Written by: Andrew Lowe (@ALowe710)
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I just read something about Shohei Ohtani’s pitching debut that really resounded with me. That, along with this tweet from our mothership account, inspired me to write this article.
“The less information you have…the more you have to try to evaluate by process.”
We all feel the itch to make changes early in the season, but most of you know that it’s too early in the season to panic. Pitchers take a while to ramp up their velocity, arm strength and precision. Hitters still need to work on their timing (and the frigid conditions certainly don’t help, either). Players have yet to make adjustments to how they are being attacked. Every sample is small. Give everyone some time. You need more information. In this piece, I’ll go over what you can use as early indicators to give you the edge in determining what moves to make… and when to make them.
Trust The Process is a mantra that can be applied to everything you do in fantasy baseball. You did the preseason research, or you at least gathered the opinions of people who did that research, and then formed your own opinions based on that research. Do you trust your ability to read the numbers, gather recent info, and have an opinion? Yes? Yes. Yes! You do this in other aspects of your life. So trust the work that you already put in.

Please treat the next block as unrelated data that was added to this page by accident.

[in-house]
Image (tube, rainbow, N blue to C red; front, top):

But when is it time to panic? When should you make big changes? It depends on the player as well as what the concern is, but I usually wait at least a month before really worrying. This could change based on other factors like injury, playing time, or bad “peripherals,” but I trust my analysis. I tend to wait at least one month before dropping anyone who is surprisingly bad. While I still change my lineup throughout that month, after just a couple of weeks, I will consider who is cold/hot or has good/bad matchups. Most of our Prospects 365 readership plays in keeper or dynasty leagues. I make that point because in those leagues, we get to “know” our players through the years, and we tend to have a better understanding on typical peripherals as well as players who are notoriously streaky (looking at you, Justin Upton).